Albert Einstein, asset allocation, Berlin Wall, Bonfire of the Vanities, Bretton Woods, buy low sell high, capital controls, central bank independence, Chance favours the prepared mind, commodity trading advisor, corporate governance, correlation coefficient, Credit Default Swap, diversification, diversified portfolio, family office, fixed income, glass ceiling, high batting average, implied volatility, index fund, inflation targeting, interest rate derivative, inventory management, Long Term Capital Management, margin call, market bubble, Maui Hawaii, Mexican peso crisis / tequila crisis, moral hazard, new economy, Nick Leeson, oil shale / tar sands, oil shock, out of africa, paper trading, Peter Thiel, price anchoring, purchasing power parity, reserve currency, risk tolerance, risk-adjusted returns, risk/return, rolodex, Sharpe ratio, short selling, Silicon Valley, The Wisdom of Crowds, too big to fail, transaction costs, value at risk, yield curve, zero-coupon bond

It has brought inflation expectations right down to the target and that has had a lot of beneficial effects. In the old days, when oil prices went up, there was always a risk that you needed to tighten policy to ensure that inflation didn’t get out of hand. Now we’ve had two significant oil shocks since the Bank of England has been independent, and in neither case did they have to tighten policy, because wages and prices were well anchored by subdued inflation expectations.That’s a good outcome. There are other benefits from the reduction of inflation volatility, such as businesses being more willing to invest, and you don’t get unfair redistribution because of unexpected inflation. Likewise, the Treasury is no longer worrying that much about macromanagement and macrostability, so it can concentrate on other policies designed to help the long-term growth rate of the UK economy.

Stocks for the Long Run, 4th Edition: The Definitive Guide to Financial Market Returns & Long Term Investment Strategies by Jeremy J. Siegel

Amazon: amazon.comamazon.co.ukamazon.deamazon.fr

asset allocation, backtesting, Black-Scholes formula, Bretton Woods, buy low sell high, California gold rush, capital asset pricing model, cognitive dissonance, compound rate of return, correlation coefficient, Daniel Kahneman / Amos Tversky, diversification, diversified portfolio, dividend-yielding stocks, equity premium, Eugene Fama: efficient market hypothesis, fixed income, German hyperinflation, implied volatility, index arbitrage, index fund, Isaac Newton, joint-stock company, Long Term Capital Management, loss aversion, market bubble, mental accounting, new economy, oil shock, passive investing, prediction markets, price anchoring, price stability, purchasing power parity, random walk, Richard Thaler, risk tolerance, risk/return, Robert Shiller, Robert Shiller, Ronald Reagan, shareholder value, short selling, South Sea Bubble, technology bubble, The Great Moderation, The Wisdom of Crowds, transaction costs, tulip mania, Vanguard fund

You thought that a price of 40 for a stock that had been 80 made the stock cheap, yet you never considered the possibility that 40 was still too high. This demonstrates another one of Kahneman and Tversky’s behavioral findings: anchoring, or the tendency of people facing complex decisions to use an “anchor” or a suggested number to form their judgment.22 Figuring out the “correct” stock price is such a complex task that it is natural to use the recently remembered stock price as an anchor and then judge the current price a bargain. Dave: If I follow your advice and sell my losers whenever prospects are dim, I’m going to register a lot more losses on my trades. IC: Good! Most investors do exactly the opposite and realize poor returns. Research has shown that investors sell stocks for a gain 50 percent more frequently than they sell stocks for a loss.23 This means that stocks that are above their purchase price are 50 percent more likely to be sold than stocks that show a loss.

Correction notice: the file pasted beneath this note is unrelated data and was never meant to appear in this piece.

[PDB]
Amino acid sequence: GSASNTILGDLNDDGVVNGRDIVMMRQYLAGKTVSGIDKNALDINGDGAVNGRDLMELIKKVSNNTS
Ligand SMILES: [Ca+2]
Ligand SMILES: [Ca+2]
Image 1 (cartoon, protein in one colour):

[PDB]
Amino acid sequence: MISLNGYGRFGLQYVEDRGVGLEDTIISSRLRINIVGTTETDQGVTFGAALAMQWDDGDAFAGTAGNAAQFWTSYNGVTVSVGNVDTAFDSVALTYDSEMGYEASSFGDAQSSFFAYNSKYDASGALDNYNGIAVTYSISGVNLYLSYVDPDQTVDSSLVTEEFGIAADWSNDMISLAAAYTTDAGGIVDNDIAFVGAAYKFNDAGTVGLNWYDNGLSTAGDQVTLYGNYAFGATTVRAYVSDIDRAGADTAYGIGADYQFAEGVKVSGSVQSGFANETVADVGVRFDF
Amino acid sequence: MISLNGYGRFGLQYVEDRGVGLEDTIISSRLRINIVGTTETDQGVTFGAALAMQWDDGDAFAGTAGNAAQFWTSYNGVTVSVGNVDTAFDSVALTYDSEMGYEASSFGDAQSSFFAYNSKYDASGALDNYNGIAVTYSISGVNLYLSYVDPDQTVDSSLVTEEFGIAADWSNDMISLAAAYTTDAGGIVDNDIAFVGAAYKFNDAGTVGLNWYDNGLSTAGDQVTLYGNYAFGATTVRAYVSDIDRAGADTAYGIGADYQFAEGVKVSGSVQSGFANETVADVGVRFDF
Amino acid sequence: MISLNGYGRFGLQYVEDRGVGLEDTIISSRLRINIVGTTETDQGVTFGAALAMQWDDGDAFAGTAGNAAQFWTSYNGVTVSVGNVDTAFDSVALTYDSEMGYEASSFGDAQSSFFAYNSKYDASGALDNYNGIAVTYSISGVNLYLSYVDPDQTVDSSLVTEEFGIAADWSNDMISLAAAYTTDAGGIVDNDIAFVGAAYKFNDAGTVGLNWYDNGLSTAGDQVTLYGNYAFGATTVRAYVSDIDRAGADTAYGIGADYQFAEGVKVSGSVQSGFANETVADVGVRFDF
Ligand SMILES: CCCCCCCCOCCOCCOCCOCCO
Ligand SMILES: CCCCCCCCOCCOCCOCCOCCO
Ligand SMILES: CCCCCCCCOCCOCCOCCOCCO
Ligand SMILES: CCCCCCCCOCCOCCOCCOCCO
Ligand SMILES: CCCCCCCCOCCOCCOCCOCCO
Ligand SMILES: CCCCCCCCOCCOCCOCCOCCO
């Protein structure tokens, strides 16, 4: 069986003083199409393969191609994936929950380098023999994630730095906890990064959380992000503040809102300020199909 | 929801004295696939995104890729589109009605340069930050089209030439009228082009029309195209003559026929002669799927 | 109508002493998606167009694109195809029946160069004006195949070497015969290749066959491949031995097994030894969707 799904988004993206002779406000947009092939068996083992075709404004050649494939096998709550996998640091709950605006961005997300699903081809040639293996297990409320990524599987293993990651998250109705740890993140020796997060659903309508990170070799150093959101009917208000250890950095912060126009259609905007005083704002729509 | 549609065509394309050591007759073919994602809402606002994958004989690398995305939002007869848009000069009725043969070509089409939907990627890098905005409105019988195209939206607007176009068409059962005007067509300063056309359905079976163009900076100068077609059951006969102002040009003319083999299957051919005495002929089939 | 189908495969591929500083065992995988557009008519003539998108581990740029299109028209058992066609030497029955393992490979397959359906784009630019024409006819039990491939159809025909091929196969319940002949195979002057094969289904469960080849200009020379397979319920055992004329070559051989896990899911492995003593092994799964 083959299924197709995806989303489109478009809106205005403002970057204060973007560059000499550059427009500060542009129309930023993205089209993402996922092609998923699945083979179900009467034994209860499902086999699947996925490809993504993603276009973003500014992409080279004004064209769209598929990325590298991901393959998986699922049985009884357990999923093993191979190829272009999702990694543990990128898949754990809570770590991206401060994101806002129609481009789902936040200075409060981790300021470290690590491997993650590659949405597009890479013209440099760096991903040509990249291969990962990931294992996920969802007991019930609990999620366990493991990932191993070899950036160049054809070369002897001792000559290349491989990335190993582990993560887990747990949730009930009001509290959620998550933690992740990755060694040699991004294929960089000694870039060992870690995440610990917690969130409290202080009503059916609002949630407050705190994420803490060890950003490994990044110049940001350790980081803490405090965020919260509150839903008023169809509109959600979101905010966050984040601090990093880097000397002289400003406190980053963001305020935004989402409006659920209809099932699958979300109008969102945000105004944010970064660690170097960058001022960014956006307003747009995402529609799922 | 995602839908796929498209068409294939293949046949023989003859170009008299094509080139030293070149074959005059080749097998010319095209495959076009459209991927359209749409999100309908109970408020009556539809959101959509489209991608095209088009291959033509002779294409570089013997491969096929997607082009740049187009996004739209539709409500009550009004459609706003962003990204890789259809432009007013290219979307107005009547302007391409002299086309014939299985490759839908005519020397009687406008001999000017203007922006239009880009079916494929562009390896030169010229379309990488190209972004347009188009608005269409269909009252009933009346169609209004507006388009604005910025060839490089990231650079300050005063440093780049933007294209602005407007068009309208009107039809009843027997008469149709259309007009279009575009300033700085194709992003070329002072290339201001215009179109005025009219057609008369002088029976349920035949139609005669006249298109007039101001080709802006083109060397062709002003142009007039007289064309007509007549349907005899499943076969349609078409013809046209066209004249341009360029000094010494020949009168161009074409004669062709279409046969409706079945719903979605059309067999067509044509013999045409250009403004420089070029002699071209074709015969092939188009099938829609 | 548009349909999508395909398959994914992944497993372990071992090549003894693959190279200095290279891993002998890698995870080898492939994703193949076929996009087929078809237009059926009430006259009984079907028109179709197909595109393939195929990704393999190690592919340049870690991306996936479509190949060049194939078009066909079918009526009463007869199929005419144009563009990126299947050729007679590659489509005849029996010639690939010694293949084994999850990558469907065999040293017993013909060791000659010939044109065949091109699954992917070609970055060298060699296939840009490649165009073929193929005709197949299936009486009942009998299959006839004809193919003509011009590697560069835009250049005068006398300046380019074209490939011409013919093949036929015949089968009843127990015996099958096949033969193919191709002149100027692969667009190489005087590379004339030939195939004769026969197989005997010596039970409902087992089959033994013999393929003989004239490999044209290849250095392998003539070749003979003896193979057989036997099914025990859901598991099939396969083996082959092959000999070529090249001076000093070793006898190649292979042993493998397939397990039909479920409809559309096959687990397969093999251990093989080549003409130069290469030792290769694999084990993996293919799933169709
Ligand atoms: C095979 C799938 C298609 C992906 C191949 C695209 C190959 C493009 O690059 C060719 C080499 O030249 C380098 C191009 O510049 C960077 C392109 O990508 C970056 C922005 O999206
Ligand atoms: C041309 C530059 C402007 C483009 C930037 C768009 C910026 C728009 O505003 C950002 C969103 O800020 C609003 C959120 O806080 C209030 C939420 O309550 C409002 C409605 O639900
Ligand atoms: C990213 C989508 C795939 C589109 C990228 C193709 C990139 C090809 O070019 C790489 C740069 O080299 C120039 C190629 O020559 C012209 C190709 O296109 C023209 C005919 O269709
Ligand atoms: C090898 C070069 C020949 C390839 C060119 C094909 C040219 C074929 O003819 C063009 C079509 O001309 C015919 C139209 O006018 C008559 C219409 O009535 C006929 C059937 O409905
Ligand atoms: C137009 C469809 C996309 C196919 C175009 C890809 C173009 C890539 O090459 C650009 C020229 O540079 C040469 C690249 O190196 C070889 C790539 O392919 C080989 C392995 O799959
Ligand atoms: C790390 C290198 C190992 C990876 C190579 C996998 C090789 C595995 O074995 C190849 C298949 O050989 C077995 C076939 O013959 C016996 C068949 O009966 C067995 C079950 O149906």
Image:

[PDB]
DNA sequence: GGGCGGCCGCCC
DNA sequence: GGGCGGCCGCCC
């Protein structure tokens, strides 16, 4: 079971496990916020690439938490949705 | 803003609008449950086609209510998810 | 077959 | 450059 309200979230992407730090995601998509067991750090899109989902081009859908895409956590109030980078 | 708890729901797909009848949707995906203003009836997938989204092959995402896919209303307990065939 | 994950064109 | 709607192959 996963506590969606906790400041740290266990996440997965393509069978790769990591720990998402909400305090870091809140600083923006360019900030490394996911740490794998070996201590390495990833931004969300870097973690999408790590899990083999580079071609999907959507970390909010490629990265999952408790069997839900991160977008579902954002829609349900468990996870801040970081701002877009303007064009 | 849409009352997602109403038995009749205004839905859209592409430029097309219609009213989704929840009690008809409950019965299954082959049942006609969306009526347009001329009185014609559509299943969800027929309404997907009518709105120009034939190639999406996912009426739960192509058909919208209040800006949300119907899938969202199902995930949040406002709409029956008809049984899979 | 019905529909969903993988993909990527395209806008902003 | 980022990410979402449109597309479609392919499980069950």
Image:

pages: 387 words: 110,820

pages: 270 words: 64,235

pages: 310 words: 82,592

Never Split the Difference: Negotiating as if Your Life Depended on It by Chris Voss, Tahl Raz

Amazon: amazon.comamazon.co.ukamazon.deamazon.fr

banking crisis, Black Swan, clean water, cognitive bias, Daniel Kahneman / Amos Tversky, Donald Trump, framing effect, friendly fire, iterative process, loss aversion, market fundamentalism, price anchoring, telemarketer, ultimatum game, uranium enrichment

It gives the number credibility and weight. 6.On your final number, throw in a nonmonetary item (that they probably don’t want) to show you’re at your limit. The genius of this system is that it incorporates the psychological tactics we’ve discussed—reciprocity, extreme anchors, loss aversion, and so on—without you needing to think about them. If you’ll bear with me for a moment, I’ll go over the steps so you see what I mean. First, the original offer of 65 percent of your target price will set an extreme anchor, a big slap in the face that might bring your counterpart right to their price limit. The shock of an extreme anchor will induce a fight-or-flight reaction in all but the most experienced negotiators, limiting their cognitive abilities and pushing them into rash action. Now look at the progressive offer increases to 85, 95, and 100 percent of the target price. You’re going to drop these in sparingly: after the counterpart has made another offer on their end, and after you’ve thrown out a few calibrated questions to see if you can bait them into bidding against themselves.


pages: 276 words: 82,603

Birth of the Euro by Otmar Issing

Amazon: amazon.comamazon.co.ukamazon.deamazon.fr

accounting loophole / creative accounting, Bretton Woods, business climate, capital controls, central bank independence, currency peg, financial innovation, floating exchange rates, full employment, inflation targeting, labour market flexibility, labour mobility, market fundamentalism, moral hazard, oil shock, open economy, price anchoring, price stability, purchasing power parity, reserve currency, Y2K, yield curve